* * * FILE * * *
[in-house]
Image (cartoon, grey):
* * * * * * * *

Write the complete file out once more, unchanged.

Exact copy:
[in-house]
Image (cartoon, grey):